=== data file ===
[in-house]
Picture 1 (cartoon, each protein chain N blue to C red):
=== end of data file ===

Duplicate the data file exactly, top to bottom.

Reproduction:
[in-house]
Picture 1 (cartoon, each protein chain N blue to C red):